This documentary is about George Romero’s early work as a director, particularly his first feature: the massively influential Night of the Living Dead. The movie is all about the legacy of that low budget feature, and how the contemporary fictional portrayal of Zombies owes everything to this man and his ideas.  A wonderful little documentary for film buffs and Zombie fans alike.

230. Document of the Dead (1985)

When making his second Zombie movie Dawn of the Dead, George Romero allowed a film crew to visit the set and document the making of the project, including interviews with the cast and crew.  This film serves as a rare behind the scenes look at one of the most entertaining Zombie movies ever made, and as few films of the time had behind the scenes documentaries made about them, this film is particularly noteworthy.

231. Alone in the Dark (1982)

This comedic horror film stars Jack Palance and Martin Landau as insane asylum internees who become convinced their new doctor murdered the old one. They seize upon a power outage to escape and embark on a spree of murders to get at the doctor. Donald Pleasance is particularly entertaining as the pot smoking head doctor of the facility with unusual ideas of how to handle violent patients. This is a movie that relies entirely on the charisma of its principal cast, as the story is pretty much forgettable otherwise. But for fans of B-Horror this is definitely worth a look for some laughs.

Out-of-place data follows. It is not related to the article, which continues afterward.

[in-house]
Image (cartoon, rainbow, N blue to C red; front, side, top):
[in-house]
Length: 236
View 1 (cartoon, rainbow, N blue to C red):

232. The Long Goodbye (1973)

Elliott Gould plays an updated version of detective Philip Marlowe, as he investigates a murder that hits close to home. Marlowe is a somewhat disheveled character, living along with just his cat for company. The film is an often funny and dark look at the classic Noir detective story. The deeper Marlowe digs, the more broken people he meets on the way, and no one is without sin. Some criticized the movie for not staying true to the source material, but this version of the story works well as its own original work, regardless of the novel it is loosely based on.

233. Kuso (2017)

… This movie is a goddamned crock of shit.  In an attempt to be funny and transgressive it jumps all over the place with gross out humor and weirdness without any attempt to have a point or tell a cohesive story.  It makes last year’s The Greasy Strangler seem like a paragon of cinematic brilliance.

About Oberst von Berauscht

Oberst Von Berauscht once retained the services of a Gypsy to imbue in him the ability to accurately describe the artistic qualities of a film up to seven decimal points. To maintain this unique skill, he must feast on the blood of a virgin every Harvest Moon, or failing that (and he usually does), he can also make a dog do that thing they do where they twist their heads slightly (you know, when they're confused about something) at least a few times a week. I've gotten way off track here... The point is, Oberst is one of the website's founders, so... yeah